Dr. Ward founded FH with mercy embedded into the organizational culture. Norman Rohrer, in his biography of Dr. Ward, relates an experience that Dr. Ward had while driving one day. Prior to founding FH, he had learned that 10,000 people worldwide were dying of hunger every day. He was distraught over the number, begging God for an answer to how he could help.
“I’m just one person,” he prayed.
He sensed God saying to him, “But they die one at a time, my son, they die one at a time.”
Dr. Ward realized that if people die one at a time, we can help them one at a time. He founded FH on the concept that mercy can be shown to one person at a time, by one person at a time. Moved by compassion, each of us can take the step of showing tangible mercy to a person in need.
The third command in Micah 6:8 is “to walk humbly with your God.”
Humility was a hallmark of Dr. Ward’s work. He recognized that without God’s grace, he would be utterly useless.
He was fond of quoting Psalm 34:6 in reference to himself: “This poor man cried… and the Lord heard him and saved him out of his troubles.”
Walking humbly with God is of key importance when working with people living in poverty. Too often, people think that the poor have nothing to teach or to share. In contrast, walking humbly with God recognizes the poverty of mind, soul, spirit and body that we all possess without the grace of God.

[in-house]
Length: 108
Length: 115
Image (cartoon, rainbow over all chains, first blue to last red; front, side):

Act Justly, Love Mercy, Walk Humbly
Juan Pablo Belmonte stands in a farm field in Bolivia.
Today, 50 years after Dr. Ward founded FH, you will still find our staff following the words of Micah 6:8. One such staff member is Juan Pablo Belmonte, who lives in his home country of Bolivia and serves globally as the Field Liaison Manager for Global Partnerships. He has worked for FH for 13 years.
“I grew up with a genuine heart and vision to help the poor around me,” Juan Pablo said. After attending college and working in various jobs, from teaching to customer service, he discovered that FH was serving Bolivian communities. He received a job offer on Christmas Eve 2007. “It was like a dream come true for me,” he reported.
Serving on staff with FH helped Juan Pablo to see that he could not be anyone’s hero, and that God was the true hero. “After a process of exposure to hard places, self reflection, and frustration, I was attentive enough to hear God’s voice clearly saying, ‘You, too, are poor… It’s about you and my love for you. That is why you are here.’”
When Juan Pablo realized the depth of his own need for God, he became free to point others toward the truth of God’s transformation in their own lives. Today, he approaches every community member as a brother or sister. He walks alongside them in humility.
Micah 6:8 is a concise but powerful field guide to serving God. When we act justly, love mercy, and walk humbly with God, He declares that it is “good” and “what (He) requires.” No wonder we print this verse on our T-shirts!
Legacy of an “Ordinary Guy” and an Extraordinary God
Celebrating 50 Years of Food for the Hungry